The Muslin moth also known as Diaphora Mendica belongs to the Arciliidae species. They are usually found in South and Central Britain. The males are either buff or grey-brown in color where the females are a striking white; both have small black dots making them very distinctive. If a Muslin Moth is picked up, it will play dead, not common to all moth families. The females are active during the day and are often seen crawling around vegetation. The males are attracted to light and are night fliers. The Muslin moth is active from April to June. Muslin Moths are the most frequently seen Ermine-like moths flying around in April and May. They have very small wingspans that are extremely variable ranging from 30 to 43 mm.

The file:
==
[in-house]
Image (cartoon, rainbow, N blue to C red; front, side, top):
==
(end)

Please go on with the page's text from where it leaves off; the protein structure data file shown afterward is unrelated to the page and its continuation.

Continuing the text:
The females lay their eggs in small clusters with the first larvae appearing in early June. The body of the caterpillar is two tones of brown with lines found on the top side of the body with a light-brown head. These little guys are very adapt crawlers and when threatened they roll their bodies up and play dead. These small larvae can be found in differing plants like chickweed, dandelion and dock weed and are found on the leaf cover in their dark cocoons in the wintertime. These fascinating little moths are very active during the month of May, and both genders can be seen resting in the daylight on tree trunks, leaves or different suburban places. They will quickly fly away when disturbed unlike some other species of moths.